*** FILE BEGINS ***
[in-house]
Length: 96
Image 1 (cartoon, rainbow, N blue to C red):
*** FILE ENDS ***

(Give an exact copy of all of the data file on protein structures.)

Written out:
[in-house]
Length: 96
Image 1 (cartoon, rainbow, N blue to C red):